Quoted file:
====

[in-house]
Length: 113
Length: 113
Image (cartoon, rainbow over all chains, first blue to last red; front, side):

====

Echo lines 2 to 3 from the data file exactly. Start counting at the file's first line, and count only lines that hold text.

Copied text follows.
Length: 113
Length: 113